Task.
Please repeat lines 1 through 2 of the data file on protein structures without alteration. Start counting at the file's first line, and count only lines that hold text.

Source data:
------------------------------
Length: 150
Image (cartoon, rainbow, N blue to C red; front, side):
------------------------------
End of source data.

Length: 150
Image (cartoon, rainbow, N blue to C red; front, side):